Waiting for my ships to come in.

April 14th, 2014, 7am

Ah, Spring!

Usually our Great Lakes freighters travel solitary paths. Guided by charts, lighthouses, buoys and global positioning they wend their individual paths from loading to discharge: Duluth, Sault Ste. Marie, Chicago, Detroit, Marquette, Cheboygan (ports with not an English derived name among them).

This early spring finds them flocking into convoys. The past winter as made the great ships gregarious. Only groups of five or six ships can sail the lakes, especially Superior, attended by another ship or two designed to crush a path through a 2, 3 or 4 foot sheet ice or 8 foot windrows of broken ice. They cannot conquer the ice alone. The ice lengthens a 30 hour trip across Lake Superior to 9 days! The dire need of raw materials push sailors back on the freighters almost before the Lake is ready to receive them. The freighters hesitate. These maritime recluse must actually queue up for passage across the Great Lake. So deep was this winter.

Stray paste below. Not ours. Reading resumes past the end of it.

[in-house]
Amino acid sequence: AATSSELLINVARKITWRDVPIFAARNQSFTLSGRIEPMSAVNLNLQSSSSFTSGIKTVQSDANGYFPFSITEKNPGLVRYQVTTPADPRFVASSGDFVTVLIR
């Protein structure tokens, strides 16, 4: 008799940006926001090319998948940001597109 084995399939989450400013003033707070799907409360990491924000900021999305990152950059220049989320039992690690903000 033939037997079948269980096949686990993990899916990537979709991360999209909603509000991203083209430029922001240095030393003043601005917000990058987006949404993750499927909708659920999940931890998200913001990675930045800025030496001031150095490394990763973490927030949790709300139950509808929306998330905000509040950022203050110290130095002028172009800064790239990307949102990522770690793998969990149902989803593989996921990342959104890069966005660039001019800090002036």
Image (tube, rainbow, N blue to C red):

I have passed an unusual, numbing winter. This abnormal behavior of our freighters reminds me. Return to usual behavior will reassure me. So I will await these ships and greet each convoy seeking a reassurance that winter has passed. The robins, Canada Geese and eagles have returned but the 30 hour passage times across the Great Inland Sea have not - yet! Until then, I await Spring.

’I must go down to the seas again’ to discover if the behavior of these ships marks that true spring has returned.

Shu and David Wade said thanks.

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Ken Jackson

An avid outdoors man. Retired and retiring, living on the shore of Lake Superior

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